Without warning, it happens. Kids crush the laps on which they once nestled. Their predictable moods have transitioned to look more like the spin cycle of a washing machine.
And their preference on when and how they communicate with others, particularly the parents, can sometimes feel like trying to read an outdated map in a foreign country.
Parents can find themselves baffled as to how to reach this person evolving through adolescence. Though we never quite “arrive” when it comes to figuring out our teens, there are some strategies that seem to help.
Here are 5:
1. Do an activity together.
Teens, especially boys, are much more comfortable talking side to side than face to face. Riding up a chairlift, being the passenger in the car while he/she drives, or outdoor activities like hiking or snowshoeing are prime opportunities for kids to open up. If they don’t, no matter, just relax and have fun with your teen. The goal is tying your heart string to theirs, even if there are no words. Some favorites of ours include family basketball in the driveway, racing down ski runs, and running a mock Olympic games.
2. Play Card Games.
There is a reason our grandparents spent hours at the Bridge table… it’s fun! And it build relationships. Poker for M & M’s tends to be a favorite, as does Spoons, and Speed. For board games, Chess, Settler’s of Catan, and Origin are popular choices in our family.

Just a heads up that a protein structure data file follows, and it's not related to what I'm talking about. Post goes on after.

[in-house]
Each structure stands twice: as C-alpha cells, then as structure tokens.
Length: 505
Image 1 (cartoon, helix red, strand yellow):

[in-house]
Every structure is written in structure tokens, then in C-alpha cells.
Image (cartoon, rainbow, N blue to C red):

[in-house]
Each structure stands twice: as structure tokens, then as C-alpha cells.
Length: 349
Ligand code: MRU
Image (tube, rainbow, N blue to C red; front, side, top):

3. Feed Them.
A lot. Kids feel loved and cared for when you take care of their basic need of food! When teens are around, I raid my refrigerator for anything and everything I can put out for them (especially my nephews)! For this reason, even though my daughter is fully capable of making her own breakfast, I like to get up and make it for her as an act of love and service. During card games, I’ll put out chips and salsa. Movie? Popcorn! You get the idea…
4. Find a Common Interest.
It’s the new year and my daughter decided she wanted to try clean eating. I was THRILLED, as this is the way I try to eat most of the time. We’ve made it “our thing” –collecting recipes, cooking together, and planning the week. Last year she begged me to watch a fun TV series with her. This was a sacrifice because I tend not to be a TV watcher (too much of a do-er). It paid off in time spent snuggling on the couch, and she felt loved that I would take the time out of my day. The picture below shows us antiquing. Sometimes finding a common interest means, as parents, we intentionally choose to learn about an area in which our teen is interested.
5. Unplug. Everyone.
I know this is a message heard in every nook and cranny, but I have to include it here also. The little devices we hold prevent so many real-life moments from happening. Regardless of pushback, and you will get it, declare certain times or places as “no phone” zones. We must be careful to model this well, putting our devices and computers away when we are with others. It may require some courage to set some new standards in regards to technology. Even if teens are upset at first, they will adjust and you will find that connecting is easier.
Though kids are independent during the teen years, staying connected is paramount to their stability and success.
How do you connect with your teen?